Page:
The complex interplay between cognitive and emotional factors at the base of maths achievement started to be evaluated and quantified in the last few years. Only a few studies, anyway, examine at the same time, the role of working memory (visuospatial and verbal subsystem) and maths anxiety together with self-competence, on maths attainment. To investigate the specific link between these three factors, in a large developmental sample, we enrol 335 students from the 3rd, 5th, and 7th grades. In respect to emotional and motivational factors, data indicates a direct influence of maths anxiety on maths performance. Furthermore, the results highlight that maths anxiety differently impacts working memory subsystems. In fact, we observe a significant and indirect effect of MA, through the visuospatial system, on maths achievement. Our results provide further support to the hypothesis that maths anxiety is a special type of anxiety, most likely impacting the visuospatial rather than the verbal working memory subsystem. Data is discussed in terms of a possible mechanism underlying maths anxiety and visuospatial working memory at the base of this specificity, and in relation to the role of self-competence in this interplay.

The relationship betweens math anxiety and arithmetic reasoning: The mediating role of working memory and self-competence

Pellizzoni S.;Mammarella I. C.;Passolunghi M. C.
2022

Abstract

The complex interplay between cognitive and emotional factors at the base of maths achievement started to be evaluated and quantified in the last few years. Only a few studies, anyway, examine at the same time, the role of working memory (visuospatial and verbal subsystem) and maths anxiety together with self-competence, on maths attainment. To investigate the specific link between these three factors, in a large developmental sample, we enrol 335 students from the 3rd, 5th, and 7th grades. In respect to emotional and motivational factors, data indicates a direct influence of maths anxiety on maths performance. Furthermore, the results highlight that maths anxiety differently impacts working memory subsystems. In fact, we observe a significant and indirect effect of MA, through the visuospatial system, on maths achievement. Our results provide further support to the hypothesis that maths anxiety is a special type of anxiety, most likely impacting the visuospatial rather than the verbal working memory subsystem. Data is discussed in terms of a possible mechanism underlying maths anxiety and visuospatial working memory at the base of this specificity, and in relation to the role of self-competence in this interplay.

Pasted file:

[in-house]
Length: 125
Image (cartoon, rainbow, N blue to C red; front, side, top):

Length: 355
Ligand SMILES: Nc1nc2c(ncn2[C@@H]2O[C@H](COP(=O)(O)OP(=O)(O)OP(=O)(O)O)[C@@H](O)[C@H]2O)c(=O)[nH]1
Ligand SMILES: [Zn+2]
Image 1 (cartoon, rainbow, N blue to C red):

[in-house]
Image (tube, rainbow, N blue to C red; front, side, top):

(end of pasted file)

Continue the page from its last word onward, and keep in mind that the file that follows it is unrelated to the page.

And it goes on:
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https://link.springer.com/article/10.1007/s12144-022-02765-0
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Utilizza questo identificativo per citare o creare un link a questo documento: https://hdl.handle.net/11368/3028696
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